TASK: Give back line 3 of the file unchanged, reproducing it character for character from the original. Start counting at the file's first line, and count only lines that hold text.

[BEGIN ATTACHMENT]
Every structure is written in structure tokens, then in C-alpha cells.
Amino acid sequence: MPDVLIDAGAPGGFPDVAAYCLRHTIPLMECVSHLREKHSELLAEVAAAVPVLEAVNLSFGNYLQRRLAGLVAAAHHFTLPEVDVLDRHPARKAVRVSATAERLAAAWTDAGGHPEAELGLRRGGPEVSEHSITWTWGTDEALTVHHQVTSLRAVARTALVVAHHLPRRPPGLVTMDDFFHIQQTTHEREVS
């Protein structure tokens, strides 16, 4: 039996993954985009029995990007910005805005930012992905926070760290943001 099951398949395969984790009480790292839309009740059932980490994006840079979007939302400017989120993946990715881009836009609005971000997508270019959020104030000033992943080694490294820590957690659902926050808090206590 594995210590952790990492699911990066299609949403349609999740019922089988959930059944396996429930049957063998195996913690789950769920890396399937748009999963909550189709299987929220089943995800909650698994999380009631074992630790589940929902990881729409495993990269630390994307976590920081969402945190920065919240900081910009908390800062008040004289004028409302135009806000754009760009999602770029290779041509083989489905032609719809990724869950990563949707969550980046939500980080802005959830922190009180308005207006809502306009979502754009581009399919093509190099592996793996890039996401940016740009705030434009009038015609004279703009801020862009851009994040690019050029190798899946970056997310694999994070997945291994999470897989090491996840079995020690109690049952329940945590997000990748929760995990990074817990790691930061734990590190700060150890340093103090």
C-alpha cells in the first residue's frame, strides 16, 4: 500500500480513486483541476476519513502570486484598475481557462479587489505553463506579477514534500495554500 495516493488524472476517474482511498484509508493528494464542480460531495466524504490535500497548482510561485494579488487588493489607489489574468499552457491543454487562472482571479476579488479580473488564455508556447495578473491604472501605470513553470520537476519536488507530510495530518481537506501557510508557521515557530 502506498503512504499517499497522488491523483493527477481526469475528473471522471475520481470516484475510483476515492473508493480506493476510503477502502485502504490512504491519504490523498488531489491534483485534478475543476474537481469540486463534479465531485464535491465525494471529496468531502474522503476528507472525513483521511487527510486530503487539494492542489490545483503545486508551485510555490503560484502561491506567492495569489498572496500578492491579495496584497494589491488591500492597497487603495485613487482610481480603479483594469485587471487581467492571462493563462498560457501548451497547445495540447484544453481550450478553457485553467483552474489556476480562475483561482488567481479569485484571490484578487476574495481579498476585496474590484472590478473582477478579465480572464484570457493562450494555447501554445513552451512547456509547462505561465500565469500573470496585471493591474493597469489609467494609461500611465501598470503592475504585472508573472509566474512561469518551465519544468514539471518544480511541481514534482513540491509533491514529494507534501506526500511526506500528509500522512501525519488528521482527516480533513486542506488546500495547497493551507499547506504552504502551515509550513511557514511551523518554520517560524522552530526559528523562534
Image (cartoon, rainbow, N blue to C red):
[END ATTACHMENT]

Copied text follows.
């Protein structure tokens, strides 16, 4: 039996993954985009029995990007910005805005930012992905926070760290943001 099951398949395969984790009480790292839309009740059932980490994006840079979007939302400017989120993946990715881009836009609005971000997508270019959020104030000033992943080694490294820590957690659902926050808090206590 594995210590952790990492699911990066299609949403349609999740019922089988959930059944396996429930049957063998195996913690789950769920890396399937748009999963909550189709299987929220089943995800909650698994999380009631074992630790589940929902990881729409495993990269630390994307976590920081969402945190920065919240900081910009908390800062008040004289004028409302135009806000754009760009999602770029290779041509083989489905032609719809990724869950990563949707969550980046939500980080802005959830922190009180308005207006809502306009979502754009581009399919093509190099592996793996890039996401940016740009705030434009009038015609004279703009801020862009851009994040690019050029190798899946970056997310694999994070997945291994999470897989090491996840079995020690109690049952329940945590997000990748929760995990990074817990790691930061734990590190700060150890340093103090």